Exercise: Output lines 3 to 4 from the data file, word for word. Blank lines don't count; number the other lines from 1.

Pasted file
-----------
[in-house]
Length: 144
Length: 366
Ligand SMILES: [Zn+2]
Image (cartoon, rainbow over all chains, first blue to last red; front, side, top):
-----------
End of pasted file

Length: 366
Ligand SMILES: [Zn+2]